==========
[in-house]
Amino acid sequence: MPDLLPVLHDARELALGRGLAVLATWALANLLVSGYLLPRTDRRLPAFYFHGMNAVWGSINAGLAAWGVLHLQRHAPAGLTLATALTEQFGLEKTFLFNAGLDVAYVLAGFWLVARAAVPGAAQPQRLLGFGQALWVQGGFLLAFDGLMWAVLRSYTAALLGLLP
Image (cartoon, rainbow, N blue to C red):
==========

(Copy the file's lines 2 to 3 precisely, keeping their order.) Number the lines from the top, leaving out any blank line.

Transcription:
Amino acid sequence: MPDLLPVLHDARELALGRGLAVLATWALANLLVSGYLLPRTDRRLPAFYFHGMNAVWGSINAGLAAWGVLHLQRHAPAGLTLATALTEQFGLEKTFLFNAGLDVAYVLAGFWLVARAAVPGAAQPQRLLGFGQALWVQGGFLLAFDGLMWAVLRSYTAALLGLLP
Image (cartoon, rainbow, N blue to C red):